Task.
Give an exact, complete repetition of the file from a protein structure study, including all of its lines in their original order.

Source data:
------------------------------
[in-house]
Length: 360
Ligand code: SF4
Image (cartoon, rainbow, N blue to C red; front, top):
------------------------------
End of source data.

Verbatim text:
[in-house]
Length: 360
Ligand code: SF4
Image (cartoon, rainbow, N blue to C red; front, top):